project off the ground, the organizers of the Gold Coast Classic sought
help from the organizers of the successful Circle City, Classic in
Indianapolis. As a result, Howard University and Morgan State
University played in the first Gold Coast Classic last year after the
organizers garnered community support and a $25,000 sponsorship from
the U.S. Postal Service.

In just its second year of existence, the Gold Coast Classic
featured three days of events including a Black college fair, gospel
music show, golf tournament, parade, and the well-received step show
and battle of the bands.

“Last year, we expected 2,500 people to show up for the battle of
the bands and 6,000 showed up,” Warren said. This year, nearly 7,500
people attended the show.

The ultimate goals of the classics are to increase the awareness
and visibility of HBCUs, raise scholarship money, and promote economic
development in the community. They are goals that appeal to the
presidents of both universities that played in this year’s game.

“We’re a Division II institution who played a Division I
institution where a lot of folks don’t know a lot about historically
Black institutions,” said Dr. Alvin Schexnider, chancellor of
Winston-Salem University. “This classic is a great opportunity for us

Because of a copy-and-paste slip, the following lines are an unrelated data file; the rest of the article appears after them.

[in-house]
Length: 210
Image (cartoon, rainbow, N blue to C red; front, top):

to raise the visibility of our university.”

Dr. Steve A. Favors, president of Grambling State University, is
optimistic that the event will become a tradition within the San Diego
community.

“I think this is an excellent classic for only its second year in
existence,” he said. “The Warrens have done a fantastic job of uniting
the community of San Diego. This is a different community and for this
to take place in only two years is almost unbelievable.”

Aside from corporate sponsorship, the organizers hope to be able to
reach out to neighboring communities to draw more people into the San
Diego area for this event.

Other cities that have established this type of event are already
reaping the benefits monetarily within their communities. For example,
Earl Wilson Jr., president and founder of the Gateway Classic in St.
Louis, has brought $1 million into that city. Warren hopes to do as
well in her city.

“In the next few years, I would like to see a full stadium every
year. I would like to have enough money to start giving major
scholarships to deserving students, [and] to give money to
organizations so that we don’t have to go downtown for help,” she said.

“We need to start helping ourselves,” Warren continued. “We know what our problems are, we know what our needs are.”

When the Qualcomm Stadium lights dimmed, both teams remained on the
field as they and the majority of the fans, still in their seats,
watched fireworks erupt in the night sky. An enormous sense of pride
seemed to fill the air.

“If you were having this classic in Los Angeles or in Oakland,
Calif., I would say that I would not be surprised. But seeing what I’ve
seen tonight, and seeing the support these individuals have gained from
the community, is just phenomenal,” Favors said.

COPYRIGHT 1998 Cox, Matthews & Associates